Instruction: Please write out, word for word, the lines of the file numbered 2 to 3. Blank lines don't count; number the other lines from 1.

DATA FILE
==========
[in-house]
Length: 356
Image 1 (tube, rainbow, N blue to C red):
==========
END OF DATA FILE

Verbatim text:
Length: 356
Image 1 (tube, rainbow, N blue to C red):